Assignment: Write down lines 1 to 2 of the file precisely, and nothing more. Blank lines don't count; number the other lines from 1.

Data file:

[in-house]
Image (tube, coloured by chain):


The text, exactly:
[in-house]
Image (tube, coloured by chain):